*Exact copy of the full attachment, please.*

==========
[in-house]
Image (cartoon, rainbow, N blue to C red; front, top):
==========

[in-house]
Image (cartoon, rainbow, N blue to C red; front, top):